I'm not one to tout exercise as the be-all and end-all of weight loss. I mean...you can't exercise away a bad diet, right? But exercise is great, and different levels of exercise do more than just make you sweat. Everyone has a fat-burning zone, or that sweet spot that helps your body burn fat more efficiently. I want to help you define what it is for your body. So if you're interested in getting your heart rate up a little, then the information that follows will be just what you need.

Find Your Fat-Burning Zone

In my life, exercise is a lot like medicine. If I'm having a crappy day, the best thing I can do is workout. My mood and stress level are almost always heightened after I finish.

I do not doubt that it could benefit you in the very same way, whether your workout is a 45-minute walk, an hour-long yoga class, or a hard run. Everyone has their preferences. The most important thing is that you move - whether you have weight to lose or not.

But if you have extra unhealthy fat hanging onto your body - especially in the belly area - then you'll be happy to know that consistently pushing your heart rate to a specific number of beats a minute can help you melt fat away.

Before we get into how many beats your heart rate should be, let's talk about the 5 zones. These zones are determined by knowing what your maximum heart rate is. As a general rule of thumb, your max heart rate is simply 220 - your age. From there, you calculate percentages, based on this number.

Heart Rate Calculator

Here is an easy calculator to help you figure out where you need to be. Make sure to read through the zones to know which workouts you should do to get you there! 

  • Enter your RESTING HEART RATE (default is 70)
  • Enter your AGE
  • Enter the INTENSITY (or the percentage you want to be at...read below)
Heart Rate Calculator
Target Heart Rate Calculator

Zone 1: "Light" or Recovery Zone

This is about 50 - 60% of your maximum heart rate, and a good place to be if you want to keep your body in an active state without taxing reserves too much. Your body, specifically the muscles in your body, needs time to repair after several continuous days of hard work. Despite the fact that this is not considered the fat-burning zone, your body can still burn fat here, just not as efficiently as other zones.

When should you do Zone 1 workouts?

  • In between very hard workouts that push into higher zones
  • If you're feeling unusually stressed (physically or emotionally) in this zone
  • When you need to give your muscles a chance to recover from strenuous activity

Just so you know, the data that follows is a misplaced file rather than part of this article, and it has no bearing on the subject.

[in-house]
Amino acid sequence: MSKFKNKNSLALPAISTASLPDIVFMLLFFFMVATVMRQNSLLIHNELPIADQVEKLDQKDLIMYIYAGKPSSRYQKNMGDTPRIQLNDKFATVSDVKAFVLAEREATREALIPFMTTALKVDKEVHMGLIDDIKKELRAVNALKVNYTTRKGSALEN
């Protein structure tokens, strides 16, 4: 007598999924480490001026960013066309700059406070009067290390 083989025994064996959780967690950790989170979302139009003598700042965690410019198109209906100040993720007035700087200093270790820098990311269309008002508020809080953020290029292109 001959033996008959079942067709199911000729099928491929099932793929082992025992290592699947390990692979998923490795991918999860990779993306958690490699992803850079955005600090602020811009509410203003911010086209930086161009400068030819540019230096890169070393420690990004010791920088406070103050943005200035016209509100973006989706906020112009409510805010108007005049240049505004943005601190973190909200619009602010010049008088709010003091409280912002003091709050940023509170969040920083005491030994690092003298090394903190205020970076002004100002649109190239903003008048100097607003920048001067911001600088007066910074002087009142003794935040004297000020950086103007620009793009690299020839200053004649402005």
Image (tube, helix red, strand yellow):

What are examples of Zone 1 workouts?

  • A very brisk walk or very easy jog
  • A light yoga class
  • Any type of cardio activity that keeps your heart rate between 50 - 60%

 

Zone 2: Aerobic or Fat-Burning Zone

The famed aerobic zone that has long been touted as the “fat-burning zone” has you working somewhere between 60 – 70% of your maximum heart rate. There is a lot of value in training within this zone. Mile after mile of a long run are largely spent working here, building your slow-twitch muscle fibers, stamina and ultimately (most importantly) the mental endurance it takes to cross the finish line.
Your fat-burning zone also helps you build physical endurance and lung capacity.

As for fat loss…this is where you should spend a good chunk of your time when it comes to a workout unless you're specifically training for something. If you've ever run a marathon, half marathon, or any long event, you're familiar with the terms "long and slow," which apply here.

When should you do Zone 2 workouts?

  • To build greater lung capacity (= breathe better) and muscular endurance
  • To burn fat, especially through the belly (AKA visceral fat)
  • Anytime you just want to "get in a workout" without thinking about it too much

What are examples of Zone 2 workouts?

  • A jog or run where you can maintain a conversation
  • A fast-moving power yoga class
  • Almost always any sort of cardio you can maintain for 45+ minutes without thinking it's too easy

All that said, there have been a lot of new studies that show the next two zones are where it’s at for weight loss.

Zone 3: The Lactic Threshold Zone